320,000 people homeless in Britain: Number of homelessness doubled under Conservative Government

 

December is starting to get cold; it’s dark in the morning when I leave for work and often dark the evening. That darkness is now a constant in my life but so to also is Wayne, the homeless man who sits outside the Tesco I pass on my way to work. He’s not from Manchester originally and has been living rough in the city for the last year. Wayne is one of about 20 people gathered around the Northern Quarter area of Manchester; scattered outside Greggs or Spar, in doorways and alleys, sometimes sleeping and sometimes high but always looking up at the people passing by. Statistics, numbers, hard data, these are solid things that people use to find meaning and make sense of this world. Much of the basis of modern society is built around numbers and our use of them. But to tell you that up until this year the National Office of Statistics didn’t record the annual deaths of homeless people in this country is a damning shame. Indeed it took an investigation by the Manchester Evening News and the Bureau of Investigative Journalism to force the agency into finally recording these deaths. Later this month those statistics will be published in full but so far because of the independent investigations, we know that in the last 12 months 449 people have died on the streets of England. Of those, 14 of died on the streets of Manchester and those are the ones who have been counted. We know that members of the homeless community who die in hospitals or in temporary accommodation aren’t listed in these figures.

To hit you with a couple more stats, as of this moment there are currently 320,000 people homeless in this country, this figure rises by the month and has doubled in the last 5 years (Tory coincidence I think not). Of those 120,000 are children, a generation growing up in unstable housing and poverty. We know that now 1 in every 200 people in Britain is homeless or stuck in temporary accommodation. Manchester is not even close to being the worst municipality in the country for homelessness but it is number 1 in the North of England. In Manchester, we currently have 4,000 people homeless and around 100 or so sleeping rough in the city centre any given night. This works out to another lovely statistic of 1 in every 135 Mancunians being homeless. Newham in east London is currently the worst borough in the country with 1 in every 24 in housing insecurity and 75 sleeping rough. For me the reality of this problem is startling, I moved away in 2014 to live and work Canada and upon moving back last year what I saw on the streets of Britain reminded me more of the tent cities that were prevalent across North America. It feels like it has happened so quickly but we all saw this coming. In a perfect storm scenario, years of successive squeezes on vital support services and endless cuts have exposed the vulnerable in our society and many are simply being forgotten about. A person dies every month on the streets in Manchester and while expensive flats and condos are being put up by the day, many more lie destitute in unsafe temporary housing and hostels. Needless to say, little help has been forthcoming from the Government. It was announced this week that life expectancy for the poorest in our country is dropping and we haven’t even seen the full rollout of Universal Credit and the £5bn more in cuts to the welfare state, austerity is over in all but name.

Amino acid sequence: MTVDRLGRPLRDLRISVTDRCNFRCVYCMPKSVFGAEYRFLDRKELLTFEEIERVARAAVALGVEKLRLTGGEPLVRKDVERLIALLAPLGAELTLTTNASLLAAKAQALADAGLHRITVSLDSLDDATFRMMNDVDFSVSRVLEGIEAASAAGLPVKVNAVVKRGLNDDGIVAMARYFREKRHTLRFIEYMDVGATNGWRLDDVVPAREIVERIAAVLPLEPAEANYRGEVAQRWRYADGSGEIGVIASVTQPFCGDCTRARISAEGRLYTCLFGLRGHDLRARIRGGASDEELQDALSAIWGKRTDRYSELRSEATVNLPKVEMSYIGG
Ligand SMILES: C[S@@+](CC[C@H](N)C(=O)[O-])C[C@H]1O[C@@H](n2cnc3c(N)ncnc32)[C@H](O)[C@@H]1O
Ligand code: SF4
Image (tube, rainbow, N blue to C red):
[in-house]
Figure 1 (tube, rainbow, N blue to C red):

The Mayor of Manchester Andy Burnham has been particularly vocal in his pledges to end homelessness and he seems to be doing all that he can. He currently donates a cut of his wage every month and has set up the Bed Every Night initiative. This scheme aims to provide a bed, a hot meal and support for anyone sleeping rough on the streets of Greater Manchester between November 2018 and March 2019.  It is a scheme that should be rolled out all over the country, one that will definitely help those currently on the streets and stop a great number dying of exposure this winter. However it does have its caveats, it is only open to those from Greater Manchester, which is understandable from a funding perspective, as you don’t want to attract other cities homeless. However, a number of the homeless community on our streets are from elsewhere in the country and therefore aren’t eligible. My friend Wayne is one of those and while he spoke positively of the Mayor and all he is doing for the community he hasn’t seen many changes in the last few months that directly benefit him but he is hopeful for the New Year. The council is certainly in a tough position trying to figure out how it helps keep those who aren’t eligible safe this winter.

 

What do we need? We need more shelters for those who are currently sleeping rough, especially emergency shelters for the nights that are particularly cold. We need more social housing and better temporary housing, not rat infested dirty flats that are packed full to bursting. Social housing also needs to be a percentage of every flat building in the city and I would push for an overall cap on rents. People who are getting back into society need to feel a part of it, not away from everyone in a decaying old building with others also struggling. We need an end to Universal Credit and a reversal of every cut to major frontline services with proper investment being put into social care and the police force. We need to end the culture of demonising those of us who have fallen on hard times and those who end up on the streets. We need to change our attitude as a society, to become open and warm again and not push to the fringes, those among us that need the most help. Finally, we need to all do better, to remind our friends of poverty and let those in power know how unhappy we are.

Most of us are one paycheque away from being in a similar position to those that died on our streets this past year. It could happen to anyone and the only way to solve this crisis is to demand that the Government and local council leaders do more to help those most vulnerable in our communities.